The premolars are directly distal to (behind) the canines. Generally there are two premolars in each quadrant. Counting backward from the front of the jaw, there are normally two adult incisors, one canine, and then the two premolars, making them the fourth and fifth teeth in each row.
In anthropology, we number these teeth differently from dentists, because the premolars in humans are homologous with the distal premolars in other mammals. So the human premolars are called the third and fourth premolars, even though we have only two of them! The lowers are numbered P3 and P4; the uppers P3 and P4.
Premolars usually have two distinct points, or cusps, on their occlusal surface. In humans the lower third premolar is sometimes shaped very much like a canine tooth with only one cusp. In many primates, the P3 has only one large cusp that cuts against the distal edge of the upper canine, like a scissors.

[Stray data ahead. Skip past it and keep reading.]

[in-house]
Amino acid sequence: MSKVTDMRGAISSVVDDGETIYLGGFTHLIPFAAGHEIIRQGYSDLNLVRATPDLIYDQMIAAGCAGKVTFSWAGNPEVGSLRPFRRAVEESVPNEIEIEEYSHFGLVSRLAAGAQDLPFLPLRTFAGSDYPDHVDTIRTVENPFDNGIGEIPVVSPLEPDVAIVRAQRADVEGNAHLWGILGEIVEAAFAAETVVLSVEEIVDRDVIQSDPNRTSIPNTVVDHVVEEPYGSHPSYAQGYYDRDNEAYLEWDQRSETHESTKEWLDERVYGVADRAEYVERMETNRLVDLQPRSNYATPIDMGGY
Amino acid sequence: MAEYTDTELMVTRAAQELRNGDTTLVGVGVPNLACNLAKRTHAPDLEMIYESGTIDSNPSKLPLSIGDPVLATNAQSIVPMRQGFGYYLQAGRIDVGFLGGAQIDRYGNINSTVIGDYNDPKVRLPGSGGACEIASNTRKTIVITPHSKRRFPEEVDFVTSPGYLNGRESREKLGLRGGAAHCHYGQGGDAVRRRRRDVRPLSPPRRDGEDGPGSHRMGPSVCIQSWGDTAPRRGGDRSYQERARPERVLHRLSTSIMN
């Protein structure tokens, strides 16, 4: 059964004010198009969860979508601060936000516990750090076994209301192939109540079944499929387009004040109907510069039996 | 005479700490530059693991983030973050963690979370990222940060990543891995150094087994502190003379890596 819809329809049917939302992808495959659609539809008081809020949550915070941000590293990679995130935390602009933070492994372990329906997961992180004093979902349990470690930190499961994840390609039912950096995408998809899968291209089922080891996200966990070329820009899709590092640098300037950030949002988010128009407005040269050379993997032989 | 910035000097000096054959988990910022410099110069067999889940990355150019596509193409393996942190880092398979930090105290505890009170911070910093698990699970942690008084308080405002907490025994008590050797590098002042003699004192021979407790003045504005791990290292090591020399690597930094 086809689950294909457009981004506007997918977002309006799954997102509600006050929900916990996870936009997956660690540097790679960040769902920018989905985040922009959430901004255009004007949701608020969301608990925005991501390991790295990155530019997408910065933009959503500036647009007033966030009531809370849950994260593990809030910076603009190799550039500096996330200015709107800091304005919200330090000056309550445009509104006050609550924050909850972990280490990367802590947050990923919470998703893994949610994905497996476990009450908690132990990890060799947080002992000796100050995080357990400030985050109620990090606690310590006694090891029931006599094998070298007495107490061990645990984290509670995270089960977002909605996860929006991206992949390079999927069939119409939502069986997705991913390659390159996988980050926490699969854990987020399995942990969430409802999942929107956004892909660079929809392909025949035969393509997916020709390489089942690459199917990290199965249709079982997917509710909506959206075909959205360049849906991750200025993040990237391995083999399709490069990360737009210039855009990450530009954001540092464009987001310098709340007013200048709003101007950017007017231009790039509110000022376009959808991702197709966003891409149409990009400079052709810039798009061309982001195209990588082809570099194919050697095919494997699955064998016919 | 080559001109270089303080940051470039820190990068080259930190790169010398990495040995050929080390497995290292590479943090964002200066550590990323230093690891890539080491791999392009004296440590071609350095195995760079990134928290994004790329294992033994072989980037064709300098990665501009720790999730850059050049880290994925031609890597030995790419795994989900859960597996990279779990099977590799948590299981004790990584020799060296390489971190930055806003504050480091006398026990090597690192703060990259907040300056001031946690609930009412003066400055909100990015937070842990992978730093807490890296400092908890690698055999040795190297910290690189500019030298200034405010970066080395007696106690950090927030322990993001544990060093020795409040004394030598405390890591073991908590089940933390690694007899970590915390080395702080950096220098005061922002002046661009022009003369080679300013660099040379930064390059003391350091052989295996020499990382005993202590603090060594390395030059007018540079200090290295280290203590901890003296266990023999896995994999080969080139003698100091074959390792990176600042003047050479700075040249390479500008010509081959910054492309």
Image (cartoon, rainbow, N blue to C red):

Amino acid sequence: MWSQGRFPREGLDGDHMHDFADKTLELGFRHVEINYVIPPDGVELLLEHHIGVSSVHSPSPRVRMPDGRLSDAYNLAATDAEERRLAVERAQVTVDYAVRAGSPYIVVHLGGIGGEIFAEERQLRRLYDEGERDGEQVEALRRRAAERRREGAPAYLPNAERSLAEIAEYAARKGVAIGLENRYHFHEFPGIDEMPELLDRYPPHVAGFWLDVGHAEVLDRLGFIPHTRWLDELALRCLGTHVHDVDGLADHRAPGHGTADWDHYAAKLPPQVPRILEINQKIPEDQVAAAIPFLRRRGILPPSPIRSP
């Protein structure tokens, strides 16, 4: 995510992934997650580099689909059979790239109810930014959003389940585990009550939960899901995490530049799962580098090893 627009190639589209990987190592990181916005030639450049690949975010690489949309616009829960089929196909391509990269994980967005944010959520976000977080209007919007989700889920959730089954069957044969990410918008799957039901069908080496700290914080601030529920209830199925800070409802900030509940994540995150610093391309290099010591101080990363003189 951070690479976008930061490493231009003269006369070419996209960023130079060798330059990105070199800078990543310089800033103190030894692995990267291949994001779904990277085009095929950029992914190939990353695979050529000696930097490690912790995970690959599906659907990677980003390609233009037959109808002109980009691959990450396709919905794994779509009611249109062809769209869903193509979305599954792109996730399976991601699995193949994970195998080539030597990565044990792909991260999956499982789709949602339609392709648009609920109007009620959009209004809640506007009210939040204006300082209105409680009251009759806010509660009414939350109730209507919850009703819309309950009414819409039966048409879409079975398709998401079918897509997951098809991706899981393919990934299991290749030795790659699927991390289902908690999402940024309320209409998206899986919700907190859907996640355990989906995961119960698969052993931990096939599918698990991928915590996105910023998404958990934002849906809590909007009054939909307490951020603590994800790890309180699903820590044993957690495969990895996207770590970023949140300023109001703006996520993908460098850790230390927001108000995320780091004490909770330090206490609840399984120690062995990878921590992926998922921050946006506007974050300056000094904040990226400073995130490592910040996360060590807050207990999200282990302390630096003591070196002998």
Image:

Examine the premolars at this station, both upper and lower. Learn to distinguish these from the other teeth.
The two incisors, one canine, two premolars and three molars on both top and bottom are called the human dental formula. We write a dental formula as follows: